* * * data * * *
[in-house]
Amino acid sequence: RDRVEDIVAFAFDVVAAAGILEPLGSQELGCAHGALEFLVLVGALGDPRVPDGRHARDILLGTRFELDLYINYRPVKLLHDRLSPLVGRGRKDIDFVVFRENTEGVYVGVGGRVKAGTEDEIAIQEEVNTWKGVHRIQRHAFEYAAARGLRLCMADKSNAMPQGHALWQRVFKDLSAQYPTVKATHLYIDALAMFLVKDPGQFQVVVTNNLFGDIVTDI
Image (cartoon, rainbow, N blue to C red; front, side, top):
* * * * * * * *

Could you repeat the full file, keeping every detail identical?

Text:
[in-house]
Amino acid sequence: RDRVEDIVAFAFDVVAAAGILEPLGSQELGCAHGALEFLVLVGALGDPRVPDGRHARDILLGTRFELDLYINYRPVKLLHDRLSPLVGRGRKDIDFVVFRENTEGVYVGVGGRVKAGTEDEIAIQEEVNTWKGVHRIQRHAFEYAAARGLRLCMADKSNAMPQGHALWQRVFKDLSAQYPTVKATHLYIDALAMFLVKDPGQFQVVVTNNLFGDIVTDI
Image (cartoon, rainbow, N blue to C red; front, side, top):